Our 250th Year Has Arrived
Ten years before our country was founded, The Homestead opened its doors as a humble, 18-room lodge tucked away in the mountains. Over the past two and a half centuries, the resort has evolved, sharing milestones with America and memories with generations of travelers. Today, The Homestead is an iconic resort encompassing 2,300 acres with 483 guest rooms, numerous dining outlets and more than 30 recreational activities.
Our resort will commemorate the momentous milestone with 366 days of anniversary celebrations, which include afternoon anniversary parties with a different flavored cake each day, a monthly speaker series, fireside chats, historic menu items in the Main Dining Room, special concerts, fireworks displays and much more.
View our Cake Brochure here
Throughout the past 250 years, generations of families and associates have made lasting memories here. In 2016, we will honor the past, present and future of America’s first resort and we invite you to be a part of our year-long celebration by sharing your memories of The Homestead. Simply click the link below to submit your chapter* to our resort's legacy.
*Legal disclaimer – By submitting this correspondence to The Omni Homestead, I hereby grant The Omni Homestead the right to use any or all of this information for marketing.
Theme of the Month: Architecture
From the historic Jefferson Pools to the iconic Tower, The Omni Homestead features several architectural styles. The grand columns in the Great Hall, the floor-to-ceiling windows in Jefferson’s and the elegance of the Crystal Room are just a few of the notable design elements that define The Homestead style.
Each week you'll find new facts below pertaining to the events in our history surrounding the month's theme.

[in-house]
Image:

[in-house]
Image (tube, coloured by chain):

Fun Facts of The Week
- After the fire in 1901, all of the new buildings were constructed of Kentucky red brick, limestone and steel, and include every modern non-combustible feature.
- The Homestead’s Tower opened in 1929.
- The Great Hall is over 200 feet long.
- Fred Sterry reorganized The Homestead’s operations to improve service, the quality of cuisine and wines and the furnishings and activities. His magic was exemplified in a new and luxurious West Wing (which burned in 1901), which was connected to The Bath House (today’s spa building) by an indoor walkway. “The New Homestead” opened to much publicity in 1895.
- The West Wing was completed in 1904 and the East Wing was completed in 1914.
- In 1902, The Homestead was fashioned in the most elegant, classical colonial style. Conveniences then rarely seen in the homes of the wealthiest Americans were commonplace at the new Homestead: steam heat in every room, indoor bathrooms with tubs featuring cold and hot running water and even electricity and wallmounted, crank telephones.
- Dr. Thomas Goode brought the elegance of formal dance to The Homestead in the 1830s with the construction of the resort's first ballroom.